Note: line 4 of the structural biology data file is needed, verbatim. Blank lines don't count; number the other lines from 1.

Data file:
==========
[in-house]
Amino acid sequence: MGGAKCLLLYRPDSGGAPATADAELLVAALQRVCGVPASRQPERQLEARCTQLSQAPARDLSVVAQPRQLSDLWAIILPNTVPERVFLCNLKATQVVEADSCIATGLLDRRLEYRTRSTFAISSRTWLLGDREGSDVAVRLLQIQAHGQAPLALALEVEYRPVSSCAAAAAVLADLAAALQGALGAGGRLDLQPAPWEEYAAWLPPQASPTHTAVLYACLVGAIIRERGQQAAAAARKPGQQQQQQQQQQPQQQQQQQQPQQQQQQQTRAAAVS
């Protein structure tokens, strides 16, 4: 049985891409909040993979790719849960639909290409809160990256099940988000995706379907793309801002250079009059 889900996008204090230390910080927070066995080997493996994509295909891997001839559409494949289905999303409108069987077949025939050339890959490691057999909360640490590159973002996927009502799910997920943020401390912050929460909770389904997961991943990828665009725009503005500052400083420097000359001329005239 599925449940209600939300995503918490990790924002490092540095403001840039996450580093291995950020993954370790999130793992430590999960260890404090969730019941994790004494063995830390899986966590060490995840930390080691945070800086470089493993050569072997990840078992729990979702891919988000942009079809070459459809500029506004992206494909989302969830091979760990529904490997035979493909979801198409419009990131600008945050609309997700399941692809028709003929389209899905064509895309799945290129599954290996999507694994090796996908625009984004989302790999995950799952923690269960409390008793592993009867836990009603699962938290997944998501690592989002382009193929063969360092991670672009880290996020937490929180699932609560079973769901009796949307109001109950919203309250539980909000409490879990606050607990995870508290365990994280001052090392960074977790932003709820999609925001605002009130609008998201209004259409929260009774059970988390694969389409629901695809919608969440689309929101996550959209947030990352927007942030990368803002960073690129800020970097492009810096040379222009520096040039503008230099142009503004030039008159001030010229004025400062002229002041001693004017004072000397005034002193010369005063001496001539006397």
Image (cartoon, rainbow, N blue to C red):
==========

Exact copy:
Image (cartoon, rainbow, N blue to C red):